Choosing to put extra money toward your student loans each month is a wise decision. If you have extra money and would like to get rid of your student loan debt quickly, extra payments will help reduce the amount of time it takes to pay back your student loans and save you money in interest as well. However, if you've been making extra payments and notice your balance is not being affected as much, it may be time to re-evaluate your strategy to make sure your extra student loan payment is being carefully distributed.
Organize Your Debt and Decide Which Loan You'd Like to Tackle
Sit down and organize the federal or private student loans you have and determine which one needs to go first. Submitting an extra payment each month is great, but if you don't assign it somewhere to go, you might not see the results you were planning on.
If you're trying to pay down your loan balance fast and stay motivated throughout the process, you might want to direct your payment toward your smallest loan first to get rid of it then work your way up to the loans with the larger balances.
If you'd rather pay the least amount of interest over the life of your repayment term, you'll want to put extra money toward the loan with the highest interest rate or the loan that is costing you the most money each month. For example, if you have a $1,000 loan with a 6.8% interest rate and a $5,000 loan with a 4% interest rate, while the larger loan has the highest rate, the amount is smaller so it may not be costing you as much as loan for $5,000. Therefore, you might want to direct some of your extra payments to the larger loan.
Talk to Your Lender or Send an Email Request with Your Payment
To ensure that your extra payments are helping your student loan balance decrease properly, you'll need to contact your lender to confirm how payments are applied.
Depending on which type of loans you have and who your lender is, extra payments may be applied in a specific way. Most lenders will pay interest first with the extra payment, then cover any fees or additional charges and finally put the remainder of your payment toward your loans.
You may be able to read about how your lender applies extra payments on their website or you can always call them to ask. Their strategy for applying extra payments will most likely dictate when you submit an additional payment.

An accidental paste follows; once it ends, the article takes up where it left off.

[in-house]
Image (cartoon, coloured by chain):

For example, since your lender will pay any interest that has accrued first when you submit an extra student loan payment, you may want to submit your payment right after you've submitted your monthly minimum payment since that payment should have taken care of the majority of the interest that was accumulated that month. Or you can submit bi-monthly payments if that works better with your schedule.
When you submit an extra student loan payment, make sure you email or call your lender to let them know how you'd like it applied. If you can set up an automatic withdrawal to eliminate this step – great – but don't skip it. It may seem tedious to do each month, but it will optimize your extra payments and help ensure that you get rid of your student loans faster.
Confirm that Your Payment Was Applied Correctly
After your payment has been submitted and processed, be sure to check back to make sure your payment was applied correctly. Log into your account online to check your balance and see which loan your extra payment was applied to. Don't wait for your monthly statement to come out to do this. If your lender made a mistake, the sooner you bring it to their attention, the easier it will get fixed.
Stick with Your Original Due Date
Paying extra on your student loans will most likely push your next due date forward and show a credit on your balance. If you make an extra lump sum payment and your due date is pushed forward a few months, don't stop paying on your student loans in the meantime. In fact, it's best to stick to your regular monthly payment schedule at a minimum just to stay ahead.
If you stop paying on your loans just because you have a credit, they will still accumulate interest each month and that may cancel out the positive effects of your additional payment.
The main idea is to get ahead and stay ahead with your student loan payments.